If you search the internet, you can often find fish sampling data for a particular lake or river. Yes, these are often contained in a published reports that are scientific, technical and long. However, there is often no better resource than these sampling data. This data represents fish that had been caught and sampled in a particular location on a water body, and it can serve as a confirmation for certain species that can occur in a certain body of water. You can describe an Alligator Gar to the best of ability and think you have caught one in Ontario waters, but if one has never been sampled in Ontario and the fish is not native (or does not occur) in the body of water you were fishing, the validity of that identification comes under serious scrutiny. You better be expecting a lot of questions and doubts. Now, this is not to say sampling data is completely accurate. The downside to sampling is that the information represent a "snap shot" for a particular time (at the time of sampling) and for a very small location. For example, if the MNR were to sample Rouge River in the summer, they would likely not find any Chinook Salmon in the creek. It does not mean that salmon does not or cannot occur in the creek, since Chinook Salmon does indeed run in the creek in the fall. It just meant that given a certain time of year these were the species that were sampled. Also, sampling could be done in a very specific area with a very specific method. If a large floating gill net was used as the sampling method, perhaps only surfaced oriented species that are large enough to be trapped by the net would be caught, and only those in the area where the net was placed would be caught. As such, fish that hides along shoreline structure may never be caught this way, benthic fish that spend their lives on the bottom may never be caught this way, and certainly fish smaller than the size of the net mesh will never be caught this way. Thus, only trust sampling data to a certain degree.

6) Read, read, and read some more.

There is no substitute to searching and reading all the "credible" information available. Even the best guide may have discrepancies and mistakes. It is best to read various guides and distill some identification features that are consistent between the guides. Trusting only one guide is often dangerous if not naive, but trusting the common feature stated in 10 other guides certainly put credibility for that piece of information. Reading and searching also help your ID skills since you will likely come across pictures and description of other species that you have never known to exist...but now you were exposed to it. Repeated exposure will give you familiarity toward fish overall appearance and characteristics, which will certainly help you narrow down certain family of fish even if you do not know the exact species. Read about various species even if you may never catch them. Knowledge is power!

7) Know some basic family of fish and their general shapes.

Fish belonging to the same family often look similar. Sunfish species share similar body plans. Same can be said for the Trout and Salmon species. Same can be said for the Catfish family or the Minnow family. Once you have an idea which family the unknown fish belongs to, the guess work is drastically reduced. Saying this, it is very important to know the relatedness of species and their species tree (or phylogeny tree) which shows how closely related various species are to each other, and how these species are arranged and organized.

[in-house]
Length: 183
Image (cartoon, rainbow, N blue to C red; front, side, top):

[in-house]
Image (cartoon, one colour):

In short, sure, you can always post a picture on the forum to ask for an ID, but it is simply reliance on secondhand information that may or may not be correct. I have read some terrible ID before where a person is completely convinced he/she is correct on identifying a species, but their answer was completely incorrect. False information can affect you if your catch was out of season or have closed season, or if the species was endangered or it is an invasive species. As such, it is ALWAYS best to build YOUR OWN fish identification skills and TRUST YOUR OWN JUDGEMENT!

I hope this guide helps.

Malama o ke kai

Caution - Objects in picture are smaller than they appear. I am genetically predisposed to make fish look bigger.

Life List: 577 species and counting (2016: 91 new species)
http://muskiebaitadventures.blogspot.ca/...-list.html
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05-28-2013, 03:36 PM
Post: #2
RE: Tips and pitfalls to Fish Identification
It does help and you bring up very good points........... particularly point 4 re colour.

Thanks.

OT

<>< I once gave up fishing. It was the most terrifying weekend of my life. ><>

See you on the river.
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05-31-2013, 06:36 AM
Post: #3
RE: Tips and pitfalls to Fish Identification
I finally had time to investigate the FishBase site you mentioned.

Impressive!

http://www.fishbase.org/search.php

OT

<>< I once gave up fishing. It was the most terrifying weekend of my life. ><>

See you on the river.
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06-05-2013, 08:25 AM
Post: #4
RE: Tips and pitfalls to Fish Identification
(05-31-2013 06:36 AM)OldTimer Wrote:  I finally had time to investigate the FishBase site you mentioned.

Impressive!

http://www.fishbase.org/search.php

OT

Fishbase is quite impressive. Sometimes I find incomplete entries. What I find helpful is to google the fish I want to ID and then "similar species", it points me towards resources that explain how to differentiate similar fish.

For example I google

fathead minnow "similar species"

To learn that the bluntnose minnow looks very similar to fathead.

Ken also has a neat trick on Fishbase to discover which similar species of fish can be found in a particular area.